Sunday, 22 September 2013

Are you getting enough sleep?

You may have heard of the saying Train. Eat. Sleep. In my opinion sleep is the most crucial aspect not just for your training goals, but for general health and well being.

It is during our sleep where our body is allowed time to rest and recover. Several important processes happen to your body while you sleep. The bottom line is not getting enough sleep will virtually make it impossible for you to either gain muscle or lose body fat. Sleep is not only important for your training goals but crucial for your health. Lack of sleep has been linked to Hypertension, increased stress hormones and an irregular heart beat.

A recent study from Amercia showed that adults who were getting less than 5 hours sleep were more likely to be overweight. More importantly children who were getting less than 10 hours sleep were putting on weight at a rapid pace! The reason for this alarming link between sleep debt and weight gain, is due to the fact that sleep effects many important hormones in the body. Lack of sleep lowers the levels of leptin in your blood and heightens the levels of ghrelin, which results in an increase of appetite. The reverse is also true, getting enough sleep decreases hunger and will therefore help you lose weight.

As mentioned before lack of sleep dramatically increases the stress hormone cortisol. Higher levels of cortisol lead to a lower metabolism. Getting 8 hours sleep will lower cortisol levels and allow to lose body fat and build lean muscle.

The problem for many people is that they find falling asleep hard and become restless. I myself had this trouble and put several measures in place to help this:

  • Firstly I started eating a tiny bit of carbohydrates before bed, ignore the no carbs before bed myth. Carbs in fact encourage the brain to release serotonin, which helps the body relax and regulates sleep.
  • I also take 400mg of magnesium before bed, this mineral is great for relaxing the nervous system and helps you switch off.
  • Make sure your room is at a cool temperature and not too hot. Also your room should be pitch black. Think of it as a bat cave!
  • 30 minutes before bed try and stop watching tv and turn off your laptop. Try listening to some music in your bat cave.

Above I have attached a video from Scott Robinson on the importance of sleep. Scott is one of the most highly educated guys in the UK, and holds a Doctoral Research degree. He works with many top sports clubs and elite athletes to get the best out of them.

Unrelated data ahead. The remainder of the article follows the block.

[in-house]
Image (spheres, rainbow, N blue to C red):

Good Night!


Tuesday, 17 September 2013

Sprint training for conditioning

With the busy lifestyles we lead, there never feels enough time to fit in everything we want to. The same is the case for workouts. I enjoy doing weight training but I haven't allowed enough time for cardio based conditioning work.

However to get the balance right and not spend too much time on cardio, but to get the benefits that it provides, I have added some sprint intervals at the end of one or two weights sessions each week. So after 45 minutes of weights, I jog to the track or a field and run as fast as I can for 4-8 sets. The distance tends to be anywhere from 40-80 metres. My recovery tends to be a slow walk back. I'm not training for speed so I don't mind if I don't feel completely fresh before my next set.

The great thing about sprints is practically anyone can do them. You don't have to be fast. You just have to run at your top speed, whatever that is. I have felt much fitter and the whole session only takes between 15-20 minutes. This could be done as a workout on its own. Just make sure you warm up with some light jogging and then a few 75% sprints, gradually building your pace before starting your main sets.

Also, if you haven't run for a while or are new to running, try running fast for each set rather than sprining all out. This will allow you to build things up gradually.